Dragonfly in Haiku by M. Kiauta in Odonatologica 15 pg 91-96, 1986
- includes a discussion of dragonflies as a seasonal theme and symbol in China and Japan
Heart of the dragonfly: historical development of the cross necklaces of the
Pueblo and Navajo peoples
by Allison Bird c 1992 (ISBN 0-936755-20-2)
The author shows how the crosses brought by the missionaries were incorporated into the cultures and designs of the Native Americans of the southwest deserts. Their ready acceptance lay to some extent in its symbolic connection, particularly the double-barred cross, to the dragonfly, an important insect in Zuni lore.
Dragonfly Brooches by R.K. Liu (Ornament Summer 1997 page 24-25) This short article comments on the dragonfly as a motif in jewellry. There are several nice pins shown, including the one available in the link above. In addition, there is a picture of a beautiful carved boxwood netsuke, showing a damselfly and its reflection in water.
American Indian Art by Norman Feder (1995 Edition) pub. by Harry N Abrams Inc.
On pg. 72 in a discussion about carved stone pipes and pipe stems Feder says, ``Teton Sioux specialize in shallow relief carvings of deer, turtles, sheep, elk and dragonflies.'' Black and white plate 45 pictures a carved wooden pipe stem, collected in 1900 and catalogued in the Denver Art Museum as item number PiS-25, which has a dragonfly carved in low relief. The accompanying note says that the pipe stem has the typical form of a Sioux pipe stem.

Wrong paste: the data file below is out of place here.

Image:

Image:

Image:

A Field Guide to Rock Art Symbols of the Greater Southwest
by Alex Patterson c 1992 Johnson Books (ISBN 1-55566-091-6)
Rock art images from the Hopi Mesas in Arizona, Zion Nation Park in Utah, and kiva murals in the Awatovi and Kawaika-a ruins in Arizona are shown. (The kiva images are from Kiva Mural Decorations at Awatovi and Kawaika-a by Watson Smith pg 218-220 c 1952 pub. by the Peabody Museum, Cambridge, Mass.) In general, a dragonfly is represented by a vertical line with two, or occasionally one, horizonal cross line. The lines are sometimes fleshed out, and the bodies sometimes have dot-like heads. The first dragonfly image shown by Patterson looks to me more like that of the water skate (or water strider) shown later in the book.
The Mythic World of the Zuni by Frank Hamilton Cushing (1865-1900)
edited and illustrated by Barton Wright pg 151-152 c 1988
pub. by University of New Mexico (ISBN 0-8263-1387-6)
Dragonflies are shamanistic creatures with supernatural powers. Images are most often found on altars, pottery and petroglyphs. The Zuni Indians are Pueblo Peoples of the American Southwest (New Mexico).
Origami Insects and Their Kin by Robert J. Lang c 1995, Dover (ISBN 0-486-28602-9)
Are you up to the challenge? In 92 paper-folding steps you can construct an origami dragonfly. (I haven't tried yet, but I am intrigued.)
Denver Museum of Natural History 2001 Colorado Blvd., Denver Colorado USA 80205
The museum sells a very nice dragonfly-patterned silk tie, produced for the opening of its ``Prehistoric Journey'' exhibition. If you are there, check out the exhibit. There is an interesting movie clip of a dragonfly in a wind tunnel. There is also a model used to study the dynamics of dragonfly flight.
There are several prehistoric-sized dragonfly models hanging in the dining area at the Desert Museum in Tucson Arizona.
Time Before Morning - Art and Myth of the Australian Aborigines by Louis Allen c 1975, Thomas Crowell Co.
On page 91, there is a picture showing the dragonfly after creation by Mudungkala. The story of Mudungkala related in the text is from the Tiwi tribe of Bathurst and Melville Islands.
A most exclusive preserve by Norman Moore in New Scientist 13 pg 64, 1987
a brief report on a dragonfly sanctuary set up in Japan
Please feel free to send additions to my cultural list to me and thanks!
Ron Lyons(volunteer 1990-1999)